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Abstract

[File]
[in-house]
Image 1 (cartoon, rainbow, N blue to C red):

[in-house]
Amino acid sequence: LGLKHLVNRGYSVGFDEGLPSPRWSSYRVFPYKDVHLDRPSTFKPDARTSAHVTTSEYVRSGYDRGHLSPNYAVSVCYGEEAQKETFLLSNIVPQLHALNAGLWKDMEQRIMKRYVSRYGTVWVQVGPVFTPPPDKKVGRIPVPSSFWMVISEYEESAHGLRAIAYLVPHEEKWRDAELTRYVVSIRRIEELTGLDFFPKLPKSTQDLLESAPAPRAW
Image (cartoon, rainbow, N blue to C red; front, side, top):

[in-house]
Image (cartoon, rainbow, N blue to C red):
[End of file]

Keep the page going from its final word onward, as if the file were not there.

Reconstructing the stratigraphic architecture of deposits prior to Cenozoic Himalayan uplift is critical for unravelling the structural, metamorphic, depositional and erosional history of the orogen. The nature and distribution of Proterozoic and lower Paleozoic strata have helped elucidate the relationship between lithotectonic zones, as well as the geometries of major bounding faults. Stratigraphic and geochronological work has revealed a uniform and widespread pattern of Paleoproterozoic strata >1.6 Ga that are unconformably overlain by <1.1 Ga rocks. The overlying Neoproterozoic strata record marine sedimentation, including a Cryogenian diamictite, a well-developed carbonate platform succession and condensed fossiliferous Precambrian–Cambrian boundary strata. Palaeontological study of Cambrian units permits correlation from the Indian craton through three Himalayan lithotectonic zones to a precision of within a few million years. Detailed sedimentological and stratigraphic analysis shows the differentiation of a proximal realm of relatively condensed, nearshore, evaporite-rich units to the south and a distal realm of thick, deltaic deposits to the north. Thus, Neoproterozoic and Cambrian strata blanketed the northern Indian craton with an extensive, northward-deepening, succession. Today, these rocks are absent from parts of the inner Lesser Himalaya, and the uplift and erosion of these proximal facies explains a marked change in global seawater isotopic chemistry at 16 Ma.

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